Aug 27, 2018 in Viewpoint
The science behind the habit
Employees who are resistant to change can make implementations a challenge. So how do you implement a new workplace strategy, a new software tool, or even move a desk without upsetting employees?
The first step is understanding why it upsets them in the first place. Habits are a big deal, about 40% to 45% of what we do every day feels like a decision, but it’s actually a habit. In the context of activity based working, habits become the obstruction, the negative. But habits actually do us a great favor; they give us more time to focus on our task.
Possibly, because this space characterizes all kinds of cues that enables employees' automatic pilot. They don’t have to think about certain behavior, such as walking into the office and sitting down so they can focus on the tasks that need to be done. When you change this... you're actually asking them to reset this automatic pilot, this is also known as changing your habits. Which is, as we all know, not as easy as it may seem. Many employees have deep-seated habits relating to their workspace, and the power of habit is one of the biggest risks to workplace change programs.
What happens in our neurology is that most behavior originates in the prefrontal cortex, the area right behind our forehead. What we think of as thought, that’s where it occurs. It’s one of the newest, from an evolutionary perspective, parts of our brain.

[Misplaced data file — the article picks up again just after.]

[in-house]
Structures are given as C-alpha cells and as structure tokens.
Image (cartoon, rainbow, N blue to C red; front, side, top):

But as a behavior becomes a habit, as it becomes automatic, it moves into the more deeper structures of the brain near the center of our skull. And when things happen in this area, it doesn’t feel like thought. That’s why a habit feels automatic, because it’s happening in the part of your brain that is (as we think of it) completely free from thinking.
You can imagine; creating change in this part of the brain takes a lot of energy and time. But that doesn’t mean it can’t occur.
Change might not be fast and it isn’t always easy. But with time and effort, almost any habit can be reshaped. On average, it takes more than 2 months before a new behavior becomes automatic. And how long it takes a new habit to form can vary widely depending on the behavior, the person, and the circumstances.
Employers need to keep this in mind when they implement activity based working or in our case; a software product. One of the things you can do to make this change easier is breaking down the preferred behavior in chunks. This allows employees to adapt and adjust their habits in a more gradual process.
Viewpoint / Feb 18, 2019 / Anne Wernand
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